Literacy teacher Jessica Cuthbertson is doing every assignment alongside her sixth-graders. She wonders if it’s time for teachers and elected officials to start taking standardized tests as well.
On the first day of school, I made my students a solemn promise. Note to self: if you make a promise to a group of sixth-graders, you better be willing to prove you are a teacher of your word, every day for the rest of the year.
What was the promise? I vowed to do every assignment before or alongside my students.
My rationale for this promise is twofold: I want to assure my students that the work we do as readers and writers is purposeful and intended to provide them with targeted practice. I also want to field test my own assignments, prompts and tasks to ensure they are doable, enjoyable, clear, rigorous, standards-based and supportive of the learning.
At the very least, each assignment should be pointing students in a growth-oriented direction. It should have a purpose – and the purpose should be crystal clear to every learner in the room.
Undoubtedly, this has added to my workload. In addition to providing my students feedback and planning for various components of the literacy block, I build in time to do their work outside of class so that I can support the students while they are in front of me.
But I believe firmly the additional time is worth it. So far, I have 100 percent assignment completion and students are already beginning to use my work as a model or support for their own writing.
This practice has also supported me as a teacher. Doing the work helps me revise, reflect and refine assignments and assessments in a way I wouldn’t if I weren’t going through the process as a student myself.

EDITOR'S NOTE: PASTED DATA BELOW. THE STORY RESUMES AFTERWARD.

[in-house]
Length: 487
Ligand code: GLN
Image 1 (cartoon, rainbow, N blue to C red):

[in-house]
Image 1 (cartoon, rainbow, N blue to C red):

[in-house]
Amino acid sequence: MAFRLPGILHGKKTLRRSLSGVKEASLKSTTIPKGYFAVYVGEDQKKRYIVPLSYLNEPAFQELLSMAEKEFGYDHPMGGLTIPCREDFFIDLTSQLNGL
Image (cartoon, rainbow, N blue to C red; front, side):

One loophole – standardized tests
Of course, like most promises, this one comes with contingencies. Sustaining this over the course of the year will determine whether the payoff in student learning is worth the time invested. And the first thing my students asked when I shared I would be “doing the work” with them was the million-dollar question, “So you’ll take the state assessment with us as well?”
So I amended the promise: I agreed to do the work that was directly connected to our classroom learning. Basically, the work that the students and I have control over.
If it arrives from a state or district office, requires a personal log-in, password or a no. 2 pencil to “bubble” something in, chances are I won’t be doing it. Not because I don’t want to, but because I can’t.
But it made me think. What would happen if education stakeholders, from members of the state Board of Education to district leaders to individual teachers, took standardized assessments ourselves before we decide to adopt or implement them? How would our discussions around “measuring student learning” or “measuring teacher effectiveness” change? How would feedback to students look different?
If we took these assessments, we could make meaningful, informed decisions about their usefulness and the need for improvements. We could transform assessment from the inside out – instead of wondering what a publishing house or testing company has in store for our students.
Best of all, we could move one step closer to replacing our current standardized tests with assessments that tell us more about how we can better serve our students.
This year, I’m doing the work with my students. I’m also keeping a no. 2 pencil sharp and ready, just in case.